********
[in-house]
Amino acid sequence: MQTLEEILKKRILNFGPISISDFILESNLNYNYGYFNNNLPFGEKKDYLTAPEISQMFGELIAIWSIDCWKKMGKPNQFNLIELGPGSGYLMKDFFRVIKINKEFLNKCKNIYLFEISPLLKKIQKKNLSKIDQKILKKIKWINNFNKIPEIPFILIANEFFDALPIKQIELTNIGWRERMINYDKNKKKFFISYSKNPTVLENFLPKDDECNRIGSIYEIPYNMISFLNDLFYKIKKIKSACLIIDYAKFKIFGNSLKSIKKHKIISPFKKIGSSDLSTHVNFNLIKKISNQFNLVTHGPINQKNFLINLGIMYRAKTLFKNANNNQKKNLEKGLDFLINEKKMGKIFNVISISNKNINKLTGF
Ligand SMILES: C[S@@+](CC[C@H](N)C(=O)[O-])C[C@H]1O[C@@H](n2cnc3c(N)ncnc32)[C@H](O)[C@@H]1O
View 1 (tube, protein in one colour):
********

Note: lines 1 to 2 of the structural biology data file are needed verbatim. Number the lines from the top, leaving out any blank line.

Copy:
[in-house]
Amino acid sequence: MQTLEEILKKRILNFGPISISDFILESNLNYNYGYFNNNLPFGEKKDYLTAPEISQMFGELIAIWSIDCWKKMGKPNQFNLIELGPGSGYLMKDFFRVIKINKEFLNKCKNIYLFEISPLLKKIQKKNLSKIDQKILKKIKWINNFNKIPEIPFILIANEFFDALPIKQIELTNIGWRERMINYDKNKKKFFISYSKNPTVLENFLPKDDECNRIGSIYEIPYNMISFLNDLFYKIKKIKSACLIIDYAKFKIFGNSLKSIKKHKIISPFKKIGSSDLSTHVNFNLIKKISNQFNLVTHGPINQKNFLINLGIMYRAKTLFKNANNNQKKNLEKGLDFLINEKKMGKIFNVISISNKNINKLTGF